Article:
a variable oscillation circuit for generating a first variable-frequency voltage signal;
a phase shifter circuit for generating a second voltage signal in response to the first voltage signal, the second voltage signal having a phase shifted from the phase of the first voltage signal; and
a power amplifier circuit for amplifying the first voltage signal and the second voltage signal,
and wherein the two AC voltage signals are generated based on the first and the second voltage signals.
12. An apparatus for controlling the moving velocity of an ultrasonic motor according to claim 11, further comprising a voltage boost circuit for changing an amplifying ratio of the power amplifier circuit in response to a control signal sent from the control means, thus to change the amplitude of the first and the second voltage signals.
13. A method for controlling a moving velocity of an ultrasonic motor comprising vibration means for causing ultrasonic vibration in response to two AC driving voltage signals having a common frequency, a common amplitude and phases different from each other; and moving means in contact with the vibration means and moved by the ultrasonic vibration, the method comprising:
step A: detecting a velocity of the moving means;
step B: comparing the velocity detected in step A with a predetermined velocity; and
step C: adjusting the frequency of and the phase difference between the two AC driving voltage signals based on the comparison result, the adjustment of the frequency and the adjustment of the phase difference being combined to allow the velocity of the moving means to be closer to the predetermined velocity in that the adjusting step includes the steps of adjusting one of the frequency and phase difference of the two AC driving voltage signals to allow the velocity of the moving means to be closer to the predetermined velocity, and adjusting the other of the frequency end phase difference of the two AC driving voltage signals to allow the velocity of the moving means to be further closer to the predetermined velocity.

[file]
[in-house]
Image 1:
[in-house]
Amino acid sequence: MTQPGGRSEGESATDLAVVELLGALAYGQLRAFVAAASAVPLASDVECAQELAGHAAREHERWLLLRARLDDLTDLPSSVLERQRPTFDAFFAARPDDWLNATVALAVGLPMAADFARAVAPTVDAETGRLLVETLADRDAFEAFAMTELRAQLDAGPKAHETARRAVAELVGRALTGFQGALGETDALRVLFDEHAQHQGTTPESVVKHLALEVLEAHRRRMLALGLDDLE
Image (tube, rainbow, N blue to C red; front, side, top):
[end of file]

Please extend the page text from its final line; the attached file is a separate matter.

14. A method for controlling the moving velocity of an ultrasonic motor according to claim 13, wherein step C includes the steps of:
adjusting the frequency of the two AC driving voltage signals to allow the velocity of the moving means to be closer to the predetermined velocity; and then
adjusting the phase difference between the two AC driving voltage signals to allow the velocity of the moving means to be further closer to the predetermined velocity.
15. A method for controlling the moving velocity of an ultrasonic motor according to claim 13, wherein step C includes the steps of:
changing the frequency of the two AC driving voltage signals by an integral multiple of a fixed variable unit Δf to allow the velocity of the moving means to be closer to the predetermined velocity; and then
changing the phase difference between the two AC driving voltage signals by an integral multiple of another fixed variable unit ΔP to allow the velocity of the moving means to be further closer to the predetermined velocity.
16. A method for controlling the moving velocity of an ultrasonic motor according to claim 13, wherein step C includes the steps of:
adjusting the phase difference between the two AC driving voltage signals to allow the velocity of the moving means to be closer to the predetermined velocity; and then
adjusting the frequency of the two AC driving voltage signals to allow the velocity of the moving means further to be closer to the predetermined velocity.
17. A method for controlling the moving velocity of an ultrasonic motor according to claim 13, wherein step C includes the steps of:
changing the phase difference between the two AC driving voltage signals by an integral multiple of a fixed variable unit ΔP to allow the velocity of the moving means to be closer to the predetermined velocity; and then
changing the frequency of the two AC driving voltage signals by an integral multiple of another fixed variable unit Δf to allow the velocity of the moving means to be further closer to the predetermined velocity.